Smartphone camera technology has come a long way since its start on the Samsung SCH-V200 that boasted a .35 megapixel camera. These days, smartphones have quality camera lenses that shoot up to 41 megapixels and bridge the gap between DSLRs.
These technological advances have helped smartphones gain a footing in the film world. Shooting movies on smartphones is becoming more common, with The Wrap reporting the Oscar nominated “Olive” was shot entirely on a mobile phone. Smartphone film making is becoming prevalent enough to necessitate mobile phone film festivals, such as the Mobil Film Festival and Olleh International Smartphone Film Festival.
Smartphone Film Trends
Corephotonics, an Israeli startup company, is working on smartphone lens technology that could catapult phone filmmaking into the mainstream. Its camera technology combines two 13 MP cameras with a high-end Snapdragon processor. It opens up smartphones to taking wide-angle HDR photos and movies with 41 MP quality. The Corephotonics technology is not yet available for consumer or commercial use.
Third Party Camera Apps
The basic photo and video apps included on your smartphone do the job for everyday use, but third party solutions can help with serious quality filmmaking. The Camera Zoom FX app supports high definition filming, optical zoom, fast action shots, hardware button customization, ISO settings, stable shot mode, and several other shooting modes. When partnered with Samsung smartphones such as the Zoom series, it provides you with comparable quality to a standalone camcorder. Almost DSLR for the iPhone is a favorite here at HDSLR Shooter, and lets you control focus, exposure, and white balance to shoot some amazing pictures and movies with your iPhone. Consider pairing your camera app with a cloud storage service such as Google Drive for instant backups.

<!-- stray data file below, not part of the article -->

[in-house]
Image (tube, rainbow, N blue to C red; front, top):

If you intend to take advantage of any external gear such as tripods, lights, mics, etc, then you’ll need something with enough attachment space to hold it all. The iOgrapher is a great device that lets you attach a number of accessories, as well as give you full control of your camera movement with its handles on either side. The iOgrapher comes in models for the iPad, iPhone 4, with an iPhone 5 model to be released very soon. iOgrapher also sell a good group of other lighting and audio accessories to get you shooting on your mobile device. – iOgrapher.com
Focus on Lighting
Most smartphones have limited ISO (camera speed), so sufficient lighting is necessary to keep the quality high. Cnet recommends using natural light if possible, but light fixtures with daylight bulbs used in conjunction with reflectors can properly illuminate your set and subject. Other lighting options include a three-point setup that includes a key light, fill light, and back light.
The last thing you want to do on a long day of shooting is to hold the smartphone during every shoot. Tripod mounts and smartphone-specific tripods free up your hands, steady your shots, and help you improve your film composition. Steadycam attachments for smartphones can stabilize images, greatly improving the shots.
Your smartphone isn’t designed for high quality audio recording, so accessories are required. Several companies make external microphone options that work with your smartphone. With an external microphone you can position the device right in the middle of the action, instead of having it away from the actors. In addition, the external microphone is more sensitive to soft sounds your smartphone can’t pick up.